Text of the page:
Ben Nadel
On User Experience (UX) Design, JavaScript, ColdFusion, Node.js, Life, and Love.
I am the chief technical officer at InVision App, Inc - a prototyping and collaboration platform for designers, built by designers. I also rock out in JavaScript and ColdFusion 24x7.
Meanwhile on Twitter
Loading latest tweet...
Ben Nadel at the New York ColdFusion User Group (Apr. 2008) with:

Extending Classes In A Modular JavaScript Application Architecture Using RequireJS

By Ben Nadel on

Yesterday, I tried to apply some deep thinking to how dependencies should be managed in a modular JavaScript application architecture that is using RequireJS. The conclusion that I came to was that RequireJS should manage and load "definitions" while your application should manage and load "instances." This makes sense since instantiation is the domain of your business logic, not your organizational framework. When it comes to extending classes in a RequireJS context, the same principle holds true, but things seem a little bit more interesting. Base classes, which may have static functionality, are still just "definitions" that can be managed by the RequireJS framework.

NOTE: In JavaScript, most values are technically "instances" at the language level. When I refer to "instances" in this post, I am referring to objects that need to be instantiated using the "new" keyword.

To look at inheritance in a RequireJS context, I'm going to create a simple class, Friend. Friend has a single method, getName(). The Friend class inherits from the core Model class which provides the core method, getInstanceID().

Friend()

  • getName()

Model()

  • getInstanceID()

Before we look at how the Friend or the base Model class are coded, let's look at the demo that makes use of the two classes:

  • // Load the application.
  • require(
  • [
  • "./model/friend"
  • ],
  • function( Friend ){
  •  
  •  
  • // Create a few instances of Friend so that we can see
  • // how inherited functionality has been propogated.
  • var friends = [
  • new Friend( "Sarah" ),
  • new Friend( "Tricia" ),
  • new Friend( "Joanna" )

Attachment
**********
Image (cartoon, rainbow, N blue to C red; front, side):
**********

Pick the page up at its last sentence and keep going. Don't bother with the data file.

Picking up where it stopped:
• ];
  •  
  • // Now, iterate over each friend to output the name (which
  • // is part of the FRIEND class) and the ID (which is part of
  • // the inhereted MODEL class).
  • for (var i = 0 ; i < friends.length ; i++){
  •  
  • console.log(
  • friends[ i ].getName(),
  • ":",
  • friends[ i ].getInstanceID()
  • );
  •  
  • }
  •  
  •  
  • }
  • );

The main code demo relies only on the Friend module directly. The core Model module is a dependency of the Friend module and will be loaded automatically by the RequireJS framework. As you can see from the code, we are creating a few instances of Friend and then invoking both the sub-class method, getName(), and the core method, getInstanceID(). And, when we run the above code, we get the following console output:

Sarah : 1
Tricia : 2
Joanna : 3

So far, so simple - I think you get the idea.

Now, let's look at the core Model module. This class is intended to be sub-classed by all other model classes within the application:

model.js - Our Core Model Class

  • // Define the base / core Model class.
  • define(
  • function(){
  •  
  •  
  • // I am the internal, static counter for the number of models
  • // that have been created in the system. This is used to
  • // power the unique identifier of each instance.
  • var instanceCount = 0;
  •  
  •  
  • // I get the next instance ID.
  • var getNewInstanceID = function(){
  •  
  • // Precrement the instance count in order to generate the
  • // next value instance ID.
  • return( ++instanceCount );
  •  
  • };
  •  
  •  
  • // -------------------------------------------------- //
  • // -------------------------------------------------- //
  •  
  •  
  • // I return an initialized object.
  • function Model(){
  •  
  • // Store the private instance id.
  • this._instanceID = getNewInstanceID();
  •  
  • // Return this object reference.
  • return( this );
  •  
  • }
  •  
  •  
  • // I return the current instance count. I am a static method
  • // on the Model class.
  • Model.getInstanceCount = function(){
  •  
  • return( instanceCount );
  •  
  • };
  •  
  •  
  • // Define the class methods.
  • Model.prototype = {
  •  
  • // I return the instance ID for this instance.
  • getInstanceID: function(){
  •  
  • return( this._instanceID );
  •  
  • }
  •  
  • };
  •  
  •  
  • // -------------------------------------------------- //
  • // -------------------------------------------------- //
  •  
  •  
  • // Return the base Model constructor.
  • return( Model );
  •  
  •  
  • }
  • );

To me, this module is really interesting! Not only are we defining a constructor and then returning it (as the module definition), we are also providing public and private static functionality. The private, static functionality manages the internal counter for instance creation; the public, static functionality - Model.getInstanceCount() - provides a window into the private static data.